Twitter says it was an "error" to suspend Rep. Marjorie Taylor Greene

Twitter briefly suspended the account of Rep. Marjorie Taylor Greene — but later reinstated it

By Jon Skolnik

Staff Writer

Published March 20, 2021 4:14AM (EDT)

Rep. Marjorie Taylor Greene (R-GA) (Photo illustration by Salon/Getty Images)
Rep. Marjorie Taylor Greene (R-GA) (Photo illustration by Salon/Getty Images)

On Friday, Twitter briefly suspended the account of Rep. Marjorie Taylor Greene, R-Ga., but later reinstated it, saying that the move was a mistake. 

"In this case, our automated systems took enforcement action on the account referenced in error," the social media company said in a statement. "This action has been reversed, and access to the account has been reinstated."

A spokesperson for the company told CNBC that Twitter uses "a combination of technology and human review to enforce the Twitter Rules across the service." Green's account was set to be locked for 12 hours "without explanation," she said in a campaign message.

Greene's office raised concerns about the timing of the move, which came just in advance of a resolution led by Rep. Jimmy Gomez, D-Calif., that sought to expel Greene from Congress. "I was just told @Twitter suspended me for 12 hrs in 'error,' on the same day Dems introduced a resolution to expel me from Congress," Green tweeted. "What a coincidence?" 

In a House floor speech on Friday, Gomez said that he truly believed some of his Republican colleagues "wish harm upon this legislative body."

"I'm not saying this for shock value," he warned. "It's the conclusion I drew after a member of Congress advocated violence against our peers, the speaker and our government."

According to CNBC, 72 House Democrats currently back Greene's ouster. 

"I take no joy in introducing this resolution," Gomez said on the floor, "But any member who incites political violence and threatens our lives must be expelled, and I'll do everything I can in my power to protect our democracy and keep all my colleagues safe."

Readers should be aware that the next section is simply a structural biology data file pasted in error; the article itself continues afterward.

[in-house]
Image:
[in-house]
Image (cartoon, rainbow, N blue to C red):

In January, Greene filed articles of impeachment against President Joe Biden the day his inauguration. Later that month, Reps. Nikema Williams, D-Ga., and Sara Jacobs, D-Ca., introduced a resolution to censure Greene. However, the resolution never came to fruition. 

In February, the House voted to strip Greene from her committee positions in response to resurfaced social media activity which bore a litany of incendiary conspiracy theories. Some posts called the execution of certain Democratic leaders. Later that month, after a floor debate on a bill addressing trans rights, Greene displayed a transphobic poster out of the office of Rep. Marie Newman, who supported the bill and has a trans daughter. 

Greene has also adamantly blocked Democratic legislation, stonewalling the Covid stimulus bill and H.R. 1, the ethics and voting rights overhaul, both bills which most Americans support

Through it all, Greene has never apologized for her conduct. However, since taking office, she has disavowed QAnon, the baseless conspiracy theory that the former President is leading the fight against a covert cabal of satanic and cannibalistic child molesters. Greene expressed a modicum of regret about pushing QAnon. "I was allowed to believe things that weren't true and I would ask questions about them and talk about them," Greene said, "and that is absolutely what I regret."

By Jon Skolnik

Jon Skolnik was a former staff writer at Salon.

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